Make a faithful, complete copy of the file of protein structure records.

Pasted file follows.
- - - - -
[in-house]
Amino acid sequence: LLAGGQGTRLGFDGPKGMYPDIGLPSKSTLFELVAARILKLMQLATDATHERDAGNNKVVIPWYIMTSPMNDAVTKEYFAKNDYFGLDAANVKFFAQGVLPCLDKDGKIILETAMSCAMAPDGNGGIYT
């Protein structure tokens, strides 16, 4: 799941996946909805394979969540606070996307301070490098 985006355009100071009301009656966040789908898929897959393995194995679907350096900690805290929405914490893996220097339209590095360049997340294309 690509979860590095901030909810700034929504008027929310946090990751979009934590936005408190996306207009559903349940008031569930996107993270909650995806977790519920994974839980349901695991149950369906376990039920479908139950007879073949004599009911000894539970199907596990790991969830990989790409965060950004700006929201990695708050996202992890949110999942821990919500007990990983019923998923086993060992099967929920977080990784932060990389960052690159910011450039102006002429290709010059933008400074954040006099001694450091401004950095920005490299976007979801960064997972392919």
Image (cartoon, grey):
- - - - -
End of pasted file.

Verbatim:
[in-house]
Amino acid sequence: LLAGGQGTRLGFDGPKGMYPDIGLPSKSTLFELVAARILKLMQLATDATHERDAGNNKVVIPWYIMTSPMNDAVTKEYFAKNDYFGLDAANVKFFAQGVLPCLDKDGKIILETAMSCAMAPDGNGGIYT
């Protein structure tokens, strides 16, 4: 799941996946909805394979969540606070996307301070490098 985006355009100071009301009656966040789908898929897959393995194995679907350096900690805290929405914490893996220097339209590095360049997340294309 690509979860590095901030909810700034929504008027929310946090990751979009934590936005408190996306207009559903349940008031569930996107993270909650995806977790519920994974839980349901695991149950369906376990039920479908139950007879073949004599009911000894539970199907596990790991969830990989790409965060950004700006929201990695708050996202992890949110999942821990919500007990990983019923998923086993060992099967929920977080990784932060990389960052690159910011450039102006002429290709010059933008400074954040006099001694450091401004950095920005490299976007979801960064997972392919």
Image (cartoon, grey):